But three months later someone told Judah that Tamar had been acting like a whore and was pregnant. Without any checking, and without a thought about how he himself had been involved with a prostitute, Judah ordered, “Take her out and burn her to death.” As they were literally removing her from her father’s house to be executed by fire, she sent word to her father-in-law: “I am pregnant by the man who owns this seal and this walking stick.” Judah recognized them and said, “I have failed in my obligation to her; I should have given her to my son Shelah in marriage. She is more righteous than I am.”
Tamar is the only woman in the Old Testament who is called righteous. And, this is one of the wonders that Tamar’s story reveals to us—the wonder of righteousness. It might be hard to understand how Tamar embodies righteousness. To understand it, we have to listen to her story with 1st century ears rather than 21st century ears. 1st century ears would recognize how badly Tamar had been treated by her husband’s family. They would also understand that Judah was breaking the covenant with God and turning his back on God’s law. His actions did not line up with God’s purposes. That is unrighteousness.
But Tamar’s actions were in line with God’s purposes. Even though trickery was her only recourse, even though her actions put her own life at risk, she did not allow human fear—her own or Judah’s—to interfere with God’s plan for the world. And so, Judah correctly called her righteous.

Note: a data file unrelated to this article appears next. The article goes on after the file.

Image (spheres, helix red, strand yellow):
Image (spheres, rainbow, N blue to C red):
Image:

It is not only Tamar’s righteousness that is revealed here, though. Judah’s unrighteousness is brought under the bright light of God’s justice as well. That raises some questions for us.
First, what is it in our lives that is standing in the way of our living according to God’s purposes? Who or what are the Judah’s for us? When we figure that out, we may find that, like Tamar, we may need to get creative about how to pursue righteousness in our own lives.
Second, we need to ask if there are people in our lives whom we are treating in unrighteous ways. Are there people in our world who want to live lives that are in line with God’s purposes, but find us standing in their way because of our fear or distrust or prejudice? Who are the Tamar’s for whom we are being Judah’s?
1st century ears would also have known that God has a special concern for the poor and the vulnerable, and you couldn’t get much more vulnerable than Tamar. They would have recognized that the kingdom Jesus brought near was one where the rich could no longer use their wealth to control the poor. The powerless would no longer be at the mercy of the powerful. In God’s kingdom of righteousness, the status quo would be upended, and the last would be first. Tamar’s story is a story of the kind of reversals that characterize the righteous kingdom of God.
So, when we ask “Where did we, as Christians, come from?” we can look to the first wonder woman of Jesus’ ancestors. We can see that we come from a family tree that includes Tamar, whose story reveals the wonder of God’s righteous kingdom. Our origins include a woman whose story reveals how the poor, the vulnerable, and the powerless may be the channels by which God’s kingdom is revealed. In this season of Advent, as we look to Jesus’ origins and our own, may we strive to live as righteously as the wonder woman Tamar, as we prepare for Jesus’ coming. Amen.
~~ Pastor Carol Williams-Young